For me, the song’s already done what I hoped it would do. Not to be dramatic, but is has changed my life. It’s made more people interested in my music and every time I play a show it’s always everyone’s favourite song.
I don’t have crazy expectations of what can be achieved at this time. I just hope that people can take a few minutes of relief from whatever they’re going through and just enjoy the song. Or, if not, they can wait until this is over and the song will be there ready and waiting for them.
How has the pandemic affected other areas of your life as an artist?
Like for most people, it’s turned everybody’s lives upside down. I was in Paris doing a session, then came to London. The day after that it all started to get a lot more serious everyone was telling me that I needed to get home as quickly as possible. I’d been living in Berlin for the last few years, but at the start of this year I did have to come back to Scotland. I’m really grateful for that now, I feel very lucky to be at home.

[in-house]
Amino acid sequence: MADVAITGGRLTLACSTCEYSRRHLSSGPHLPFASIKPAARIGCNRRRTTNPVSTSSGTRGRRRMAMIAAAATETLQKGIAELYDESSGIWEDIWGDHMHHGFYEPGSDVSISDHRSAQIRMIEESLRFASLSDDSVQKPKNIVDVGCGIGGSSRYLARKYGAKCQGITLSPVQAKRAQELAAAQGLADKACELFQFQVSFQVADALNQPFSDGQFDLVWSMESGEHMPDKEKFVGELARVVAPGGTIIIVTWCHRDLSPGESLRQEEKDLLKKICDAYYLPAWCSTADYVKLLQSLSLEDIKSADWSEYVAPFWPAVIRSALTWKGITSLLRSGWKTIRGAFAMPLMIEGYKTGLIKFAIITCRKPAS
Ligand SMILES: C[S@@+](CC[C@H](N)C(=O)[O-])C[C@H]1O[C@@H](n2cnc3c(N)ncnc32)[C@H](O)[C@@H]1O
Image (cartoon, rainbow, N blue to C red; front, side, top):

As is the case for many artists, everything’s kind of stopped. Any plans that were in the calendar have gone. I do work from home a lot anyway, so that side of it isn’t too new for me, but the way it affects you mentally is different: you find yourself asking questions like: ‘Am I being productive? Should I be being productive?’ There’s a lot of mixed messages on social media too. For the first couple of weeks I was really struggling to show my face online because I really didn’t know what to say. Like most people it kind of floored me. It’s the thought of not knowing when live music is going to return, or when you’ll go to different places again. More seriously, you don’t know if people you know are going to die. It’s such a scary time for a lot of people. When you’re a creative person, you want to try and stay creative and positive, but sometimes everything else that’s being thrown at you gets in the way.